Japan's High Court says "Tattooing is not a medical act"

Posted 3 years ago

The Supreme Court has ruled for the first time that tattooing people without a medical license does not constitute a violation of the medical practitioners law.

The decision was made on Wednesday, September 16, 2020, in part because the Court has rejected an appeal by Prosecutors about a lawsuit against Taiki Masuda, a 32-year-old man who tattooed three people. Which ends with a higher court ruling that overturned the court's verdict fining the man 150,000 yen (€ 1,213 approx.)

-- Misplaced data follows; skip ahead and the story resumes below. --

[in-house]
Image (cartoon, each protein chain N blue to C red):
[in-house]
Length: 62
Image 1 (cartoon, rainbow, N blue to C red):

The court defined medical acts as "actions considered medical treatment or for the health of people, and that can cause health problems to people if they are not performed by a doctor." Then they said "tattoos require artistic skills that are different from those of medicine, and cannot be assumed as an exclusive medical act", concluding that the tattoo is not a medical act.

For tomorrow, September 17, there will be a meeting that will decide the future of tattooing in Japan.


Tattoo Artist in Osaka, Japan
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